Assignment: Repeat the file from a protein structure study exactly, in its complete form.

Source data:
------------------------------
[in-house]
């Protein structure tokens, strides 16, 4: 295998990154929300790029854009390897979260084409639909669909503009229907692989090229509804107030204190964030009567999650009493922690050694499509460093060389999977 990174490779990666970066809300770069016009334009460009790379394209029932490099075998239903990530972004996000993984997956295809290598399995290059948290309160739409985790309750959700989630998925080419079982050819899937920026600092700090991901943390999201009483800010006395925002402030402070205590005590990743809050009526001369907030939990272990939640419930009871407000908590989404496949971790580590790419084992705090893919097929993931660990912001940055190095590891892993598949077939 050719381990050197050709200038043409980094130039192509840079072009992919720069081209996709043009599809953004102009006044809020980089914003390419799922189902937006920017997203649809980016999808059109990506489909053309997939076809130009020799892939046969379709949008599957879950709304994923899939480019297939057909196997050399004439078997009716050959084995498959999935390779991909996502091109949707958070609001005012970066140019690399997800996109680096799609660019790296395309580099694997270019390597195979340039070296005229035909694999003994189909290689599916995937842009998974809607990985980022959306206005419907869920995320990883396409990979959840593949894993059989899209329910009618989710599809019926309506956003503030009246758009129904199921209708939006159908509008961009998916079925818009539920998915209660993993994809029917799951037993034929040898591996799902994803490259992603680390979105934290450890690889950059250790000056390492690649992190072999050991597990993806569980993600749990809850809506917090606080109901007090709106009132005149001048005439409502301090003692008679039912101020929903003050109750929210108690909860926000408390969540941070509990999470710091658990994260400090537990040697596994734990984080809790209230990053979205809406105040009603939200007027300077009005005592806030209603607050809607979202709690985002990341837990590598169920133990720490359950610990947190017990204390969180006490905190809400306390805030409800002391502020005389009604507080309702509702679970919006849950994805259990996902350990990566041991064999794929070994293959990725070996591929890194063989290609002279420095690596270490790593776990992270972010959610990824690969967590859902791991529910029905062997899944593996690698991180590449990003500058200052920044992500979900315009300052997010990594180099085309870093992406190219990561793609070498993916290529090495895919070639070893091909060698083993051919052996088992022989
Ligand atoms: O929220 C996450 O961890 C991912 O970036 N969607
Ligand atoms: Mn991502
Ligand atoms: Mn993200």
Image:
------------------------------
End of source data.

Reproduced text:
[in-house]
């Protein structure tokens, strides 16, 4: 295998990154929300790029854009390897979260084409639909669909503009229907692989090229509804107030204190964030009567999650009493922690050694499509460093060389999977 990174490779990666970066809300770069016009334009460009790379394209029932490099075998239903990530972004996000993984997956295809290598399995290059948290309160739409985790309750959700989630998925080419079982050819899937920026600092700090991901943390999201009483800010006395925002402030402070205590005590990743809050009526001369907030939990272990939640419930009871407000908590989404496949971790580590790419084992705090893919097929993931660990912001940055190095590891892993598949077939 050719381990050197050709200038043409980094130039192509840079072009992919720069081209996709043009599809953004102009006044809020980089914003390419799922189902937006920017997203649809980016999808059109990506489909053309997939076809130009020799892939046969379709949008599957879950709304994923899939480019297939057909196997050399004439078997009716050959084995498959999935390779991909996502091109949707958070609001005012970066140019690399997800996109680096799609660019790296395309580099694997270019390597195979340039070296005229035909694999003994189909290689599916995937842009998974809607990985980022959306206005419907869920995320990883396409990979959840593949894993059989899209329910009618989710599809019926309506956003503030009246758009129904199921209708939006159908509008961009998916079925818009539920998915209660993993994809029917799951037993034929040898591996799902994803490259992603680390979105934290450890690889950059250790000056390492690649992190072999050991597990993806569980993600749990809850809506917090606080109901007090709106009132005149001048005439409502301090003692008679039912101020929903003050109750929210108690909860926000408390969540941070509990999470710091658990994260400090537990040697596994734990984080809790209230990053979205809406105040009603939200007027300077009005005592806030209603607050809607979202709690985002990341837990590598169920133990720490359950610990947190017990204390969180006490905190809400306390805030409800002391502020005389009604507080309702509702679970919006849950994805259990996902350990990566041991064999794929070994293959990725070996591929890194063989290609002279420095690596270490790593776990992270972010959610990824690969967590859902791991529910029905062997899944593996690698991180590449990003500058200052920044992500979900315009300052997010990594180099085309870093992406190219990561793609070498993916290529090495895919070639070893091909060698083993051919052996088992022989
Ligand atoms: O929220 C996450 O961890 C991912 O970036 N969607
Ligand atoms: Mn991502
Ligand atoms: Mn993200």
Image: